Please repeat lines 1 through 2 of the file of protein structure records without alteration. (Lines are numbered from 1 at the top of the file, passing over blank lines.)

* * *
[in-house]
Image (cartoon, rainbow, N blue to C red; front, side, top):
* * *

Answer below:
[in-house]
Image (cartoon, rainbow, N blue to C red; front, side, top):